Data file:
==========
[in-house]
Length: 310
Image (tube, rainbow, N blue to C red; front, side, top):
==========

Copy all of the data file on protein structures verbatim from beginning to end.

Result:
[in-house]
Length: 310
Image (tube, rainbow, N blue to C red; front, side, top):